Agreed but it goes with th philospy that we can "grow" our way out of this when we cannot and like Biodiesel adds to NOx problems ethanol adds to CO2 problem which the promotoers of either NEVER talk about

I used to drag cars with Methanol 20 years ago but we used a LOT more of it in a quarter maile than with did with gas because it has a far lower heat content abd it requires a A/F ratio of around 4 or 5 to 1 WOT to make best power verse 10 to 12 to one for hioctane or other exotic petro based fuels, Achol does well in a drag car because of octane and the amount it cools mixture to make it denser (largely due in part to the much large amount of it needed and higher cooling properties when it evaporates) but it stll take a lot more fuel. THey could make achol a more viable fuel for cars if they would remove compatabilty with gas completely and use much higher CR's that alchol would permitt (12 or 13 to 1) which would extract more energy from fuel during expansion and inprove MPG and lower CO2 because less fuel would be needed to do work. I do not see this happening though because of americas love for 87 octane gas as the cure all. Same with propane (which is the closest thing to a purfect motor fuel today with very low emissions without any exotic control) as it could allow for us of CR's of 13 to 1 and more and better MPG too. Today dual fuel cars that use gas or propane are far from extracting the tru potenail of propane as a motor fuel because it is used in engine designed for gas and not from ground up for propane, Granted propane need a heavier tank than gas but fuel weight about 4 lbs a gallon vs gas weighs around 6.5 (depending on tempature) and achol over 8 lbs /gal. In BTU contant per lb of fuel, Propane is higher than gas and even slighter better than diesel but this is not exploted at all. TOne of the reason the diesel get better MPG as a rule is because the very high CR's that they require to run extract more energy from expanding gas. Us a higher octane fuel in a IC engine (like 12 to 1 and more) with proper fuel and you will see a big imptovement in "gas" MPG but again the love affair with 87 octane prevents this.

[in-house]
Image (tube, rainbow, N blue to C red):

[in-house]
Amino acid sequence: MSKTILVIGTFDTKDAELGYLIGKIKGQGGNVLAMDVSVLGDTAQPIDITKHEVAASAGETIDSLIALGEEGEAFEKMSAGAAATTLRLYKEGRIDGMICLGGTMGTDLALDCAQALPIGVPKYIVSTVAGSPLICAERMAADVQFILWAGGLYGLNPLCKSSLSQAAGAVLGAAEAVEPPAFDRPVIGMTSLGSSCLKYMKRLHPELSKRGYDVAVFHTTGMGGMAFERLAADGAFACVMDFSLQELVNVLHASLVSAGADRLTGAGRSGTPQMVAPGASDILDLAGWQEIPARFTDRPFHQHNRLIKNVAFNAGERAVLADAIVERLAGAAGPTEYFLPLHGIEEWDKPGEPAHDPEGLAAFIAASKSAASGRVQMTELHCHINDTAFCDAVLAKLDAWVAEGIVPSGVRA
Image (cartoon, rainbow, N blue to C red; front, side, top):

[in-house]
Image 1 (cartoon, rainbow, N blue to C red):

Not really, it has been rising since 1800's when records have been kept and is rising even faster. It is pretty nieve to think that you can dump more and more of it into the atmosphere and nature will take it out. Man has upset the balance in about 100 years that nature took millions of years to achieve

Not that simple but it plays well to head in the sand crowd.